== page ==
Sequencing your genome may become a routine part of family checkup

| | June 29, 2017
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This article or excerpt is included in the GLP’s daily curated selection of ideologically diverse news, opinion and analysis of biotechnology innovation.

Advances in technology have made it much easier, faster and less expensive to do whole genome sequencing…Falling costs have given rise to speculation that it could soon become a routine part of medical care, perhaps as routine as checking your blood pressure.

But will such tests, which can be done for as little as $1,000, prove useful, or needlessly scary?

The first closely-controlled study aimed at answering that question suggests that doctors and their patients can handle the flood of information the tests would produce.

Jason Vassy, a researcher at the VA Boston Healthcare System who led the study,…sought to find out what routine testing would look like in a general medicine setting. They studied 100 healthy, middle-aged patients whose primary care physicians randomly asked them if they were interested in having their genomes sequenced.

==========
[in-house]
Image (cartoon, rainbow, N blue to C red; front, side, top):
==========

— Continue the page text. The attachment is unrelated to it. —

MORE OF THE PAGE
Among the 50 volunteers who got sequenced, the researchers found that about 1 in 5 had a variant in their genome that was associated with a rare, sometimes serious genetic disease…Most of them were fine, but what happened next surprised the researchers: Neither the volunteers nor their doctors overreacted.

“We were pleasantly surprised to see that primary care physicians were able to manage their patients’ genetic results appropriately,” Vassy says.

[However,] others fear that people who get sequenced could be subject to discrimination.

The GLP aggregated and excerpted this blog/article to reflect the diversity of news, opinion, and analysis. Read full, original post: Routine DNA Sequencing May Be Helpful And Not As Scary As Feared

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